Carnival Cruise Line announced this morning that it will continue its “operational pause” until at least Sept. 30. That’s 15 days longer than the guidance offered Friday afternoon by the industry’s trade group, Cruise Lines International Association, which extended its voluntary suspension of service until at least Sept. 15.
But if Covid-19 cases continue to rise—especially in Florida, where much of the industry is based—these deadlines may continue to shift.
“During this unprecedented pause in our business, we have continued to assess the operating environment and confer with public health, government and industry officials,” Carnival Cruise Line president Christine Duffy. “We have watched with great interest as commerce, travel and personal activities have begun to start back up, and once we do resume service, we will take all necessary steps to ensure the health and safety of our guests, crew and the communities we bring our ships to in order to maintain public confidence in our business.”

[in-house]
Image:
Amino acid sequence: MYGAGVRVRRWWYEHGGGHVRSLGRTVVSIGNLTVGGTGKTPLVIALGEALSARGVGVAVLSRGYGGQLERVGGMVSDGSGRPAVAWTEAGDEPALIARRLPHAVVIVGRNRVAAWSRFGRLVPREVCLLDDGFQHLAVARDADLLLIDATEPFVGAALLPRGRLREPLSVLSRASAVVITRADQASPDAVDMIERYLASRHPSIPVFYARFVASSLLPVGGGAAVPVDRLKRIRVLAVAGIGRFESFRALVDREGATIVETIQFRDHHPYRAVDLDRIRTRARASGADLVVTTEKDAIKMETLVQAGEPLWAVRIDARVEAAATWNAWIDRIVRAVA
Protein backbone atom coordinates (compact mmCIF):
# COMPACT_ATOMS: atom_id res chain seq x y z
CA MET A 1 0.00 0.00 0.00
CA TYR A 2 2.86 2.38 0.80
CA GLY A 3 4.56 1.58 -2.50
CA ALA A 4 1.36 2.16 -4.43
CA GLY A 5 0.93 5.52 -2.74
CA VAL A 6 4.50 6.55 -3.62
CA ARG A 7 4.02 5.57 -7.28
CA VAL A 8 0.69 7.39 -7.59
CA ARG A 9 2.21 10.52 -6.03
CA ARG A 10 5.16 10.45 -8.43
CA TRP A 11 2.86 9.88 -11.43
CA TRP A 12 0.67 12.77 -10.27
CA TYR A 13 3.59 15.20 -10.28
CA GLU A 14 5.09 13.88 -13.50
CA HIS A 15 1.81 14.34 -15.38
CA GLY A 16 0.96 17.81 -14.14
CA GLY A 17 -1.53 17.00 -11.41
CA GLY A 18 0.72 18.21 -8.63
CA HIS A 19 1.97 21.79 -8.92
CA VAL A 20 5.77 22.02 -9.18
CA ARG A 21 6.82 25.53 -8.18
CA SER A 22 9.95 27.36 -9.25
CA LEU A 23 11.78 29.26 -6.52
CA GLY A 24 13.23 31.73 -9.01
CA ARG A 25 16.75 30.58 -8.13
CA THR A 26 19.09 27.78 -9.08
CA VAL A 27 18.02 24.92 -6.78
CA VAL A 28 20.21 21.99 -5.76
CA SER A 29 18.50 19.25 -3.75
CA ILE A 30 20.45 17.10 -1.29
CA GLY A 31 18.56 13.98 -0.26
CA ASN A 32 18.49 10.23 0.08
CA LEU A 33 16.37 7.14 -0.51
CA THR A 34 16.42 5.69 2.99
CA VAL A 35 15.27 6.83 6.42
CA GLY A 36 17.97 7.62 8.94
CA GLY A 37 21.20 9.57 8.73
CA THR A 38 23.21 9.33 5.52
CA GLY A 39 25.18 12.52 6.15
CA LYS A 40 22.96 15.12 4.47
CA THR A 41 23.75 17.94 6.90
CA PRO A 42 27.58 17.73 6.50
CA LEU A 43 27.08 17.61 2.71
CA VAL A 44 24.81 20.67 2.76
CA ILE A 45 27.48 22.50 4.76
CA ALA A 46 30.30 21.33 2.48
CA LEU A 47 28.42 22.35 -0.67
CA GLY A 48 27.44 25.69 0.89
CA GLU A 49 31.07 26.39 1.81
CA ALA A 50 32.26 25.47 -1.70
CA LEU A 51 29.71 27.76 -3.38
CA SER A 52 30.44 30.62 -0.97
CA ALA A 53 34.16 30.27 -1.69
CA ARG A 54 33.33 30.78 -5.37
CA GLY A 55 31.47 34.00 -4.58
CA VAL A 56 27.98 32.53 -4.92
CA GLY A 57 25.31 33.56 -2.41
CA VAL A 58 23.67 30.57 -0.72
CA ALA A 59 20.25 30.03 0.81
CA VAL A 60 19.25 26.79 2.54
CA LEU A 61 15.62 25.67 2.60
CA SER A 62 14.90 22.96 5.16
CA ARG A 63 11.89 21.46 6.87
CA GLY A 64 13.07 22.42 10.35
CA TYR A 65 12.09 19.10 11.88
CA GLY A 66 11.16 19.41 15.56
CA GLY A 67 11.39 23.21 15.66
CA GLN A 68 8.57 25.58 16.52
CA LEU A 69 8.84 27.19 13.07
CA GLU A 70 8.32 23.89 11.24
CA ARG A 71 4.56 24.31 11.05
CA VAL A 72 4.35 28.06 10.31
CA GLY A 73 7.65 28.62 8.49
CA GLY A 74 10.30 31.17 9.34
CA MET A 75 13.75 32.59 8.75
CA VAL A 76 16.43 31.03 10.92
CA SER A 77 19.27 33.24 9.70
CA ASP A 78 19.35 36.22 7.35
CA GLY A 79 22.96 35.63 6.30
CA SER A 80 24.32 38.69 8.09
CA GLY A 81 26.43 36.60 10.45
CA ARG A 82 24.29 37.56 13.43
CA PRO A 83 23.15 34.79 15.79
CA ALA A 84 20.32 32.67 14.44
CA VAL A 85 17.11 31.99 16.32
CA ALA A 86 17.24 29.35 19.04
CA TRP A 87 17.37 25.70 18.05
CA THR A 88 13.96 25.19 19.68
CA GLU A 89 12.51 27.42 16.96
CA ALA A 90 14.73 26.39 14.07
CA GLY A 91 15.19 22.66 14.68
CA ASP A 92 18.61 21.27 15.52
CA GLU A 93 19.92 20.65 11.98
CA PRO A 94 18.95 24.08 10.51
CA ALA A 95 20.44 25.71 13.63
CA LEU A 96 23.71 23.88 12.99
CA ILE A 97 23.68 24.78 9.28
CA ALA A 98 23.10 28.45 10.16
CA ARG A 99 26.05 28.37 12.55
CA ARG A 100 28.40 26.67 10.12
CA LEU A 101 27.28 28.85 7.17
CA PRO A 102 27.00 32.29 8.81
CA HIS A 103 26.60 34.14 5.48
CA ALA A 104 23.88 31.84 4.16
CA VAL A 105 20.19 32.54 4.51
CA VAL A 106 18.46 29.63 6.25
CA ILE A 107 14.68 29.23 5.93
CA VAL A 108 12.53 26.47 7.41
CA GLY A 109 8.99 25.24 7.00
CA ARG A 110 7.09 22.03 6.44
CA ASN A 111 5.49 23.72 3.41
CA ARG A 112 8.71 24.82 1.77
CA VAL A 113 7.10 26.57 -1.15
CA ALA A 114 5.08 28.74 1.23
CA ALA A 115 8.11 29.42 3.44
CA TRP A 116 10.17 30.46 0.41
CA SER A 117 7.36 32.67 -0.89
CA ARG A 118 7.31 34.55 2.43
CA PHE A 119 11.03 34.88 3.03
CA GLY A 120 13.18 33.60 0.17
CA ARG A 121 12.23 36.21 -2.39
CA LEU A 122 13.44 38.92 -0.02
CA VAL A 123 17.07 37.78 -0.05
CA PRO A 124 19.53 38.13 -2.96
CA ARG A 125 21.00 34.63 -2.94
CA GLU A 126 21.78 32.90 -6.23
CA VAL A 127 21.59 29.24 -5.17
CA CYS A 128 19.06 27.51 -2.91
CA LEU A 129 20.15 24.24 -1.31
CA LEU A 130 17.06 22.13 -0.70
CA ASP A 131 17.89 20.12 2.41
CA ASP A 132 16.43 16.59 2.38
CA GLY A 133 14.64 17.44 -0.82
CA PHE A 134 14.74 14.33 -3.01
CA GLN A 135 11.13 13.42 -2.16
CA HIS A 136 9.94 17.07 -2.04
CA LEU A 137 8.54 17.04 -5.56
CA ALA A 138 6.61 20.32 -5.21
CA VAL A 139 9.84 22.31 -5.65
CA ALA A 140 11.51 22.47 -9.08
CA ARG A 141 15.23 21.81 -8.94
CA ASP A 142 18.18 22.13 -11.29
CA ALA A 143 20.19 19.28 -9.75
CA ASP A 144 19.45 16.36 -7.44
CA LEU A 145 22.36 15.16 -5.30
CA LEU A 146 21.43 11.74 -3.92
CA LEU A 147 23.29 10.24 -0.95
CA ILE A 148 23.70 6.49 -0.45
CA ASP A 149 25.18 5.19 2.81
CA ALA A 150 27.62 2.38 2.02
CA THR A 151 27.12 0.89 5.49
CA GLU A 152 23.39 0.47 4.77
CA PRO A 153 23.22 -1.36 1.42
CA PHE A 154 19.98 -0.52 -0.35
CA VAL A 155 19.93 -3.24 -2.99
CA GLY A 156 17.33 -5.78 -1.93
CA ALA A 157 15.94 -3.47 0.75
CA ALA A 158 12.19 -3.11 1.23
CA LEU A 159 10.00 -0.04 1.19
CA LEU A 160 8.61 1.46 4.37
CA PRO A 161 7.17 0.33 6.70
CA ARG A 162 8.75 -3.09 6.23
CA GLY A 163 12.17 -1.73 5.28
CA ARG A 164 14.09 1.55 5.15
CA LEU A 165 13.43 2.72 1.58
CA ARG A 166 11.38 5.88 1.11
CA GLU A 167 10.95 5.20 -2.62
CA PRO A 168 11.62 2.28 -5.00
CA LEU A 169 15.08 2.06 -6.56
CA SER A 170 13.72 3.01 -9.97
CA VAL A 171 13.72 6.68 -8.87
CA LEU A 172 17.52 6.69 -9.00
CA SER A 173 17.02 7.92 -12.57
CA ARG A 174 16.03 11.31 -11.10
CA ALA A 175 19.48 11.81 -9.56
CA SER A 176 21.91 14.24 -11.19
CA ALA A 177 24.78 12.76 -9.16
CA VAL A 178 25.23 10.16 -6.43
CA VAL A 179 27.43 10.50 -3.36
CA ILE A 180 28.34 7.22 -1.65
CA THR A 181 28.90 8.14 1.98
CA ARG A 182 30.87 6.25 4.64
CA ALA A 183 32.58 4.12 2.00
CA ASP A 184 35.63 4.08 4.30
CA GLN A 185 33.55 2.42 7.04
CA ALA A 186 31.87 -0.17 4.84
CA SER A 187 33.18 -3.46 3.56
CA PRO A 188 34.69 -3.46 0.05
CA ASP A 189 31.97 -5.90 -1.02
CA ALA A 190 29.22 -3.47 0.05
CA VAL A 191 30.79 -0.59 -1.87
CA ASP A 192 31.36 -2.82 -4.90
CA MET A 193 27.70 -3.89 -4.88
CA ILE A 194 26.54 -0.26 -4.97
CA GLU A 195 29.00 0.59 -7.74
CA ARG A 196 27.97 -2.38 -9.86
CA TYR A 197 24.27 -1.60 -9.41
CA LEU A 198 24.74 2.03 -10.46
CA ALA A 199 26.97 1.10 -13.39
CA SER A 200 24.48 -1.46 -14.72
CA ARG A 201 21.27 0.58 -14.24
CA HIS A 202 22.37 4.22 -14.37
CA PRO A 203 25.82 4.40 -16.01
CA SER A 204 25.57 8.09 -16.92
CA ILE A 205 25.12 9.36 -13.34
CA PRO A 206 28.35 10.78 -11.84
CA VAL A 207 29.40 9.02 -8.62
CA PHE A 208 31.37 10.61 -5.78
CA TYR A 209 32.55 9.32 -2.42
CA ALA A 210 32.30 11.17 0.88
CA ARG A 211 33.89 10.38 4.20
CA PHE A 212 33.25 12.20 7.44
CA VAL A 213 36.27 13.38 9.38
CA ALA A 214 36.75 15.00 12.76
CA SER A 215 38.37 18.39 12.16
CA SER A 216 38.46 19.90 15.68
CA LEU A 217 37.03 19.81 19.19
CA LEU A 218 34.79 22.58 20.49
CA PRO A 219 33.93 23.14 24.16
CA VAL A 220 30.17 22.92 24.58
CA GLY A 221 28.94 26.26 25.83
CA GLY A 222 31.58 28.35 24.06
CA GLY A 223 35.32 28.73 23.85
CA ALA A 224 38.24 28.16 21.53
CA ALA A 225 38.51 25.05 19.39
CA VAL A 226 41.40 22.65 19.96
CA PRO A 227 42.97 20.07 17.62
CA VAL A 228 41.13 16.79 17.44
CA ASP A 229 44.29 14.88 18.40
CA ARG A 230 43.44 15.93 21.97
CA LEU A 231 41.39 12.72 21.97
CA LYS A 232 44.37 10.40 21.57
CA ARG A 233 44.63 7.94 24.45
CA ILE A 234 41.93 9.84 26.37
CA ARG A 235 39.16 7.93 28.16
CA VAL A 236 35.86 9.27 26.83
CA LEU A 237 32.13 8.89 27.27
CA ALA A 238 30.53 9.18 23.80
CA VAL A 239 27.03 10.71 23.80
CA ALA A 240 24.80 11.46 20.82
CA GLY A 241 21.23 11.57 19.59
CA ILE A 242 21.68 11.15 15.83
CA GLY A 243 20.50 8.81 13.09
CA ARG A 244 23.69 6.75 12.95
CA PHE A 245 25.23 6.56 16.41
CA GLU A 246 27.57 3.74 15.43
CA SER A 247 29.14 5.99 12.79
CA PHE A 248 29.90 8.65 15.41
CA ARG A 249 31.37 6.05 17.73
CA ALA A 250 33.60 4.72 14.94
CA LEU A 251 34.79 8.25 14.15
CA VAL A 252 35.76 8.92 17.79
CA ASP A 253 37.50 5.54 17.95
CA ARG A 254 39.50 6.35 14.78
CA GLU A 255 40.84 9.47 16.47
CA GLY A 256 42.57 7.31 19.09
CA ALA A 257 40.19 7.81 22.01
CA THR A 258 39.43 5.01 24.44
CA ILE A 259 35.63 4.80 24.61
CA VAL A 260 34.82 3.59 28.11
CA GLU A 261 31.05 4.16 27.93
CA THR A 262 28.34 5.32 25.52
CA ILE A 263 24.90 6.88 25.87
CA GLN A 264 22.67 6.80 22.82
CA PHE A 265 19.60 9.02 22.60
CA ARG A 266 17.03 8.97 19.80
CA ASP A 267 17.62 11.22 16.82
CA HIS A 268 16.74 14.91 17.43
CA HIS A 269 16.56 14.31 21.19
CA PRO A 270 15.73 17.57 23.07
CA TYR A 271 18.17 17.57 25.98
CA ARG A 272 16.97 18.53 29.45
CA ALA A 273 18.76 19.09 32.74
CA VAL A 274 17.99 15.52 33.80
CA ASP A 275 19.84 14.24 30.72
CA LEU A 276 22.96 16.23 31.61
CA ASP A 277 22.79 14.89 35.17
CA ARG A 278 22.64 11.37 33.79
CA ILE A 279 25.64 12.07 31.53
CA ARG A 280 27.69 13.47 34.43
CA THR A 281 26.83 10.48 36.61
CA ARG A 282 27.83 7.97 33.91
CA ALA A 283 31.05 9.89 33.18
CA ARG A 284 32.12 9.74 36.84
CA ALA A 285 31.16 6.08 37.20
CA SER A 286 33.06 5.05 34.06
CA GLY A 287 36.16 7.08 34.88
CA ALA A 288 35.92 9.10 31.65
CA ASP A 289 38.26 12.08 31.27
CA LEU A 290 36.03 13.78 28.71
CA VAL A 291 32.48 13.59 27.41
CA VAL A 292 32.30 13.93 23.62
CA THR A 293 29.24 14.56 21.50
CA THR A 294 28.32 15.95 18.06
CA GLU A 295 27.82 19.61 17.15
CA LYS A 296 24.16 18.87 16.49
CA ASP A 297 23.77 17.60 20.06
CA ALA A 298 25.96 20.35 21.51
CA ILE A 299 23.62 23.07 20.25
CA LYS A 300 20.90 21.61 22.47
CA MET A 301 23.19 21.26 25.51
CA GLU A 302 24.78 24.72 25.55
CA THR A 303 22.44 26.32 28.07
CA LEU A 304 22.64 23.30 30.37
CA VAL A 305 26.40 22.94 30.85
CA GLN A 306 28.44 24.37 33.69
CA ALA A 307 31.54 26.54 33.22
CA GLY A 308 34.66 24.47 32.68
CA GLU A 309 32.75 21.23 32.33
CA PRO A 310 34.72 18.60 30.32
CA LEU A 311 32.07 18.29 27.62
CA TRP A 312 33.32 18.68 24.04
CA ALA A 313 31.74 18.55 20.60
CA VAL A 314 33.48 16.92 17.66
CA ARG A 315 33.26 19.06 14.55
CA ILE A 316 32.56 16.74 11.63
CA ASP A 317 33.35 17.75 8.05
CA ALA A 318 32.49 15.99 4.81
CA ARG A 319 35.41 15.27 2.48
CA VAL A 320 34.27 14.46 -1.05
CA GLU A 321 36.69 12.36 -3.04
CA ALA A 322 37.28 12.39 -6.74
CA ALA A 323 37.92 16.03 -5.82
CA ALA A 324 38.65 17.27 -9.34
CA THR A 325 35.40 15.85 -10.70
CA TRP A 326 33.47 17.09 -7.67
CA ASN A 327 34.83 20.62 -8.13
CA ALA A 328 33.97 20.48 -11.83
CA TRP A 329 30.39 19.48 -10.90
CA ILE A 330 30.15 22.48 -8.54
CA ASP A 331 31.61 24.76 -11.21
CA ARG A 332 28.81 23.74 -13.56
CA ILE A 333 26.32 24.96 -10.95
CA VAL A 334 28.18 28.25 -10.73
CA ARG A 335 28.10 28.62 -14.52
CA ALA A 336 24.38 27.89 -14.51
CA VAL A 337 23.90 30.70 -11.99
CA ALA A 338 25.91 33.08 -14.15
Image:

This means the industry will be entering a self-imposed pause later this summer. Currently, there is a government-mandated No Sail Order in effect for the industry, but the Centers for Disease Control and Prevention is expected to lift its own ban on July 24.
This delay marks a shift from Carnival’s plans. The company had previously stated that it would like to have some ships in the water by Aug. 1, operating out of Texas and Florida. Last Monday, Carnival Corp. CEO and president Arnold Donald said protocols for the cruise line were still “evolving,” including testing capability and whether guests would have to wear masks aboard the ship.
Last week, Virgin Voyages laid out its own Covid-19 protocols, becoming the first major cruise brand to do so, going as far as to cut capacity on the brand’s inaugural cruise this October. Donald declined to say whether Carnival would do the same.